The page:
Addressing the sad state of corporate innovation

Addressing the sad state of corporate innovation

Summary: A look at vendor marketing literature shows that many tout their commitment to innovation, but at the end day, usually have nothing to show for it.  According to AMR Research, the Boston Consulting Group identified this paradox as a "serious mismatch between what companies are telling their shareholders, employees, analysts, and customers about their commitment to innovation and their real experience with it.

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TOPICS: Emerging Tech
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A look at vendor marketing literature shows that many tout their commitment to innovation, but at the end day, usually have nothing to show for it.  According to AMR Research, the Boston Consulting Group identified this paradox as a "serious mismatch between what companies are telling their shareholders, employees, analysts, and customers about their commitment to innovation and their real experience with it." 

Interestingly, survey results show that despite being unhappy with ROI in innovation, executives continue to pour money into it. Executing on innovation, it appears, is a major challenge for organizations. So much in fact, that some simply turn to outside sources in the growing trend of "innovation outsourcing" where they’re passing the buck on R&D and the development of leading edge ideas. With the mounting influence of Asia on technology innovation and the growing trend for standardized IT infrastructure, these are not exactly good signs. Organizations need to make a stronger commitment to innovation if they are to be competitive on the global playing field.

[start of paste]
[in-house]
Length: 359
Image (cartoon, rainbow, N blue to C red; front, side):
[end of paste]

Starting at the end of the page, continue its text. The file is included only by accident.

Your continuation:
So what can they do? AMR argues the lack of ownership of the business process supporting product innovation is the culprit and needs to be dealt with head-on by assigning a dedicated leader. This can be a step in the right direction, but it takes more than treating innovation as a business process to come up with ideas that shift markets, inspire customers, and awe shareholders. IDEO and Apple come to mind; it takes the alignment of the right people, culture, technology, and timing to pull it off.  Don't know to get started? Mark Turrell, CEO of Imaginatik, lists seven key components to creating an innovation culture that can help.